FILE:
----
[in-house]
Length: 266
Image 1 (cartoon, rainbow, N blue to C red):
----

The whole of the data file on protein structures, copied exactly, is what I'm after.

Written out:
[in-house]
Length: 266
Image 1 (cartoon, rainbow, N blue to C red):